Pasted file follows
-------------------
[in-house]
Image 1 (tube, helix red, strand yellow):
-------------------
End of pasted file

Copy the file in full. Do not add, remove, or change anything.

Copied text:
[in-house]
Image 1 (tube, helix red, strand yellow):